A Lively Way Into The Poems Of Ted Hughes On Offer In Wimbledon

Review: The Tiger's Bones and Other Stories at the Polka Theatre

The Tiger’s Bones - what a funny old kettle of fish it is. Three strange tales rattle along under a skeletal set, fashioned out junk – satellite dishes, old TV aerials and the like. 

The 70-minute show has been created from the rarely-seen children’s plays of Ted Hughes, possibly England’s greatest poet of recent times.

The show bursts onto stage with dramatic acoustic percussion and a raggle-taggle band of characters, from power-mad scientist to the devil and her cat. But what’s arresting from the start is Hughes’s compelling, rhythmic language that had Thursday afternoon’s lively school audience in its thrall. 

The first story is an oddly unseasonal nativity from the innkeeper couple’s perspective, peopled with sinister preacher man, dodgy dealer and fortune teller. In the second play we move into fairytale territory; the young man off to seek his fortune, who takes the road to the woods and dines at the devil’s house. And in the final tale a team of scientists travel the world bringing their version of progress to the ‘savages’ before a meteor hits the earth.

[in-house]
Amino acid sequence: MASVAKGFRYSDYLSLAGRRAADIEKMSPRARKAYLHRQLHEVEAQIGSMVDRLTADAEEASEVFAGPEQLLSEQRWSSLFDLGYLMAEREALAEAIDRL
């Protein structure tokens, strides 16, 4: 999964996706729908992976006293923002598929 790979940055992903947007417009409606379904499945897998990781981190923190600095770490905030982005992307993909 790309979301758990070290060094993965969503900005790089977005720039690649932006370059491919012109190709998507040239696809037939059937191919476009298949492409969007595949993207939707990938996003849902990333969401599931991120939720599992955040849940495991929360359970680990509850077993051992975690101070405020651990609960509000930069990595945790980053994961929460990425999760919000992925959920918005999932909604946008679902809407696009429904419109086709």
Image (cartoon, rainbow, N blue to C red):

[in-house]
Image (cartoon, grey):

For me the weak point was the storytelling. The tales were nicely odd, but didn’t really go anywhere. They seem to talk about big issues; religion, myths, the environment … but as one of the characters himself points out it’s not clear what the moral of the story is, exactly.

The big strength is in the telling; the extravagant punchy rhymes, that turn into rousing musical numbers, and the passion and energy of the four players, who keep the action bouncing along.

So if you’re looking for a lively way into Hughes’s poetry and a very original piece of kids' drama, catch the show while it’s here.

By Elizabeth Thompson

What do you think? Why not comment on our forum?

February 25, 2016

Related links
Related Links

The Tiger's Bones and Other Stories is at the Polka Theatre until Sunday February 28